Western Sahara human rights activist Aminatou Haidar ended her 32 day hunger strike after Morocco finally allowed her to return to the capital Laayoune. Aminatou returned to Western Sahara after a trip abroad and insisted on maintaining her nationality as Western Saharan and not Moroccan. The Western Sahara has been under occupation by Morocco for some 26 years is recognised by the AU, UN and Arab League – everyone except Morocco. There are thousands of Saharawi’s living in refugee camps in southern Algeria – one of the hottest and most inhabitable areas of the Sahara..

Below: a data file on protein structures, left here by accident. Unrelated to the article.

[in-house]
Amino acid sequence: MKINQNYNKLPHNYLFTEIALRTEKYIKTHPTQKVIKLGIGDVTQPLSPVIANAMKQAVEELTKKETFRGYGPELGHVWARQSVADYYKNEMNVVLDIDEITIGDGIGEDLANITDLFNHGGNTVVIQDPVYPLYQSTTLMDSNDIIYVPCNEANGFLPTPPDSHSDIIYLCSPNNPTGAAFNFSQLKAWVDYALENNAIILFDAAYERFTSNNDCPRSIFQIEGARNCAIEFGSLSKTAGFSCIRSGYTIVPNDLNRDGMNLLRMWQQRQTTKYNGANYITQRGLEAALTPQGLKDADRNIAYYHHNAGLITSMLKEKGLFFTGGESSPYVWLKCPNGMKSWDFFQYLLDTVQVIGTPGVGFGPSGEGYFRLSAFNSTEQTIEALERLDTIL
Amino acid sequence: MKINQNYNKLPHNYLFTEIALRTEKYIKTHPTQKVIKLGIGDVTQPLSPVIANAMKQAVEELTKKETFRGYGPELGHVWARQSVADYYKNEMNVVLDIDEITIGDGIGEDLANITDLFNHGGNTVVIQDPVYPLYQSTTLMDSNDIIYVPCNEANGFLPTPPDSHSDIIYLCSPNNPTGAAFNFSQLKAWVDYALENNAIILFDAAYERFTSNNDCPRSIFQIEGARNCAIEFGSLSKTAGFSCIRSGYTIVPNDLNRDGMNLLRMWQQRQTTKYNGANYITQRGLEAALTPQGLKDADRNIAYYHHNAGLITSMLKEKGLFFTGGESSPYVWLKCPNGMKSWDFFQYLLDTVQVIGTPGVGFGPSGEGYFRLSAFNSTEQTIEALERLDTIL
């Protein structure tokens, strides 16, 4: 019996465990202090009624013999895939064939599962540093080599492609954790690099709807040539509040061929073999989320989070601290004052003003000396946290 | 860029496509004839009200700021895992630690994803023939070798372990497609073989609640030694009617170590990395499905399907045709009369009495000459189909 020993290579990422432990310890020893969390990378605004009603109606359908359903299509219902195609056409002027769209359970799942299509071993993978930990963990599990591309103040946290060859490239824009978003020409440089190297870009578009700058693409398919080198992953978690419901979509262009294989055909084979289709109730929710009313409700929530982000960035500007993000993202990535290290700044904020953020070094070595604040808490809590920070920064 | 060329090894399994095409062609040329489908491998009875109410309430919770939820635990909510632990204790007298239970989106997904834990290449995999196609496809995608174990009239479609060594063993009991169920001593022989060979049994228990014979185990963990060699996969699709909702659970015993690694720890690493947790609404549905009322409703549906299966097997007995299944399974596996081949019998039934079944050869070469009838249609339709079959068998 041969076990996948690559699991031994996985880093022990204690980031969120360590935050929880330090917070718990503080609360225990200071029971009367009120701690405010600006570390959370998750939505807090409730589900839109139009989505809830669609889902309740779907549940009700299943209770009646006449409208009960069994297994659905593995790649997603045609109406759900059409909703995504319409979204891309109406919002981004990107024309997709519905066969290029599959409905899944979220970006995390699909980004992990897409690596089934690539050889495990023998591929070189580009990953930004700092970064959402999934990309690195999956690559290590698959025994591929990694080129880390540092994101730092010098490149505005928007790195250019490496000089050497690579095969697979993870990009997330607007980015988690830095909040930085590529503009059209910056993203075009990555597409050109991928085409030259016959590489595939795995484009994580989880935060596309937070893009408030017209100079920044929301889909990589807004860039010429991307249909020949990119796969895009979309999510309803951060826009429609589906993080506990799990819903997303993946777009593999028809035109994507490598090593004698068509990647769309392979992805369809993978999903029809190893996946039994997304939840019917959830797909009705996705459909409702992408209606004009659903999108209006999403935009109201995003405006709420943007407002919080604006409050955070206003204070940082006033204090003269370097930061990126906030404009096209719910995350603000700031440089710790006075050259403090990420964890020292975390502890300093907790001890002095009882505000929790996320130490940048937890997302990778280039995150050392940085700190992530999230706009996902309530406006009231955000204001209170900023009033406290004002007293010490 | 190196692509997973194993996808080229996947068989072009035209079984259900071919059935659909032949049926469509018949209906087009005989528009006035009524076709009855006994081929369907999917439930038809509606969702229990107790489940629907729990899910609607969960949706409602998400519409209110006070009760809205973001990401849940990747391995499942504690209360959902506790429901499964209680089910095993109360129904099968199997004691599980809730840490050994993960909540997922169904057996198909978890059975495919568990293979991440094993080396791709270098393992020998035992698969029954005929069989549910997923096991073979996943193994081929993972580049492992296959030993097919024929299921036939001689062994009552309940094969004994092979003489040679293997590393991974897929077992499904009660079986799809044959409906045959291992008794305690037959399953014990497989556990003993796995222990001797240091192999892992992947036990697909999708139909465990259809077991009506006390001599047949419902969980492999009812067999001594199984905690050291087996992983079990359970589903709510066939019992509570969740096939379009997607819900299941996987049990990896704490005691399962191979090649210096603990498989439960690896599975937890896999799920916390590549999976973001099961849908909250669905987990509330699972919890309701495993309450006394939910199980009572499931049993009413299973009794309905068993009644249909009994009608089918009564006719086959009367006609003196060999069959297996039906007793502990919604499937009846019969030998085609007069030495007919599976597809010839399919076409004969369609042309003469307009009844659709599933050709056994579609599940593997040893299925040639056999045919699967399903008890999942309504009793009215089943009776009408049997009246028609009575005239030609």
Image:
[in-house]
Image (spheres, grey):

Morocco annexed and occupied Western Sahara after the colonial rulers Spain pulled out of the oil rich territory in 1975 despite a ruling by the World Court in favor of autonomy for the territory. The Polisario Front is the political movement for the independence of Western Sahara and the Saharawi Arab Democratic Republic (SADR) is the government in exile and is a member of the African Union, recognised by 75 countries and the UN. Following a 16 year war between Polisario Front and Morocco a ceasefire agreement was signed in 1991. To date nothing has been resolved for the 300,000 Saharawis living in occupied territory and a further 150,000 plus living in the refugee camps of southern Algeria in Tindouf for the past 30 years. The camps are organised democratically into 4 Wilaya (districts) each named after a town in Western Sahara — Laayoune, Smara, Dahla and Aousserd. Each district is then divided into a daira (village) and then hays (neighbourhoods). Representatives are elected from each village and district and women are represented at all levels. Saharawi women like Aminatou Haidarhave been at the forefront of the organisation and management of the camps taking responsibility for health, education and sanitation. Women continue today to be at the center of life in the camps.